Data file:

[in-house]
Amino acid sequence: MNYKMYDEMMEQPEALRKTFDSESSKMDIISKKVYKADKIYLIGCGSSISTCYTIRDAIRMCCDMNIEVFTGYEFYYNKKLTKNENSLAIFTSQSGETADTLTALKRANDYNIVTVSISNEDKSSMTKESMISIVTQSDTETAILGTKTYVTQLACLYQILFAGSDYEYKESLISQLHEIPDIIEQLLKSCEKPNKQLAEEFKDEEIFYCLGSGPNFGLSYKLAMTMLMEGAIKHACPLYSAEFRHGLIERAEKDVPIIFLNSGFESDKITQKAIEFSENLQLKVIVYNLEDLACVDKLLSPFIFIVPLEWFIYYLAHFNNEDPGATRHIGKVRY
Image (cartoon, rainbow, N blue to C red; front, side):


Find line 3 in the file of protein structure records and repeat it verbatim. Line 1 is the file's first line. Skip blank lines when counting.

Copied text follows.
Image (cartoon, rainbow, N blue to C red; front, side):